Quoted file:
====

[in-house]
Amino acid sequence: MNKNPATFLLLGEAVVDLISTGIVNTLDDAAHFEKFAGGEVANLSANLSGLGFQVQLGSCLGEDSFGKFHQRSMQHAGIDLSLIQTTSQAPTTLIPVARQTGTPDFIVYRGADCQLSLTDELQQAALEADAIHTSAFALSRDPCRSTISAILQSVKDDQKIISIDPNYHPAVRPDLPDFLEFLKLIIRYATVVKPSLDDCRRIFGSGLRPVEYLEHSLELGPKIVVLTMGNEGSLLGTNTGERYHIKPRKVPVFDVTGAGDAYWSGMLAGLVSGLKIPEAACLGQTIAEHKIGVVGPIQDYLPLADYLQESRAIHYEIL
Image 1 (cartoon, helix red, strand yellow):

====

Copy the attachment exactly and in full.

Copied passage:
[in-house]
Amino acid sequence: MNKNPATFLLLGEAVVDLISTGIVNTLDDAAHFEKFAGGEVANLSANLSGLGFQVQLGSCLGEDSFGKFHQRSMQHAGIDLSLIQTTSQAPTTLIPVARQTGTPDFIVYRGADCQLSLTDELQQAALEADAIHTSAFALSRDPCRSTISAILQSVKDDQKIISIDPNYHPAVRPDLPDFLEFLKLIIRYATVVKPSLDDCRRIFGSGLRPVEYLEHSLELGPKIVVLTMGNEGSLLGTNTGERYHIKPRKVPVFDVTGAGDAYWSGMLAGLVSGLKIPEAACLGQTIAEHKIGVVGPIQDYLPLADYLQESRAIHYEIL
Image 1 (cartoon, helix red, strand yellow):